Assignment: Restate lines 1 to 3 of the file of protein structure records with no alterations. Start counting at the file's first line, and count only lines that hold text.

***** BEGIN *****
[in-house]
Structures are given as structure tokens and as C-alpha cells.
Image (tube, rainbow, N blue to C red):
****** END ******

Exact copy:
[in-house]
Structures are given as structure tokens and as C-alpha cells.
Image (tube, rainbow, N blue to C red):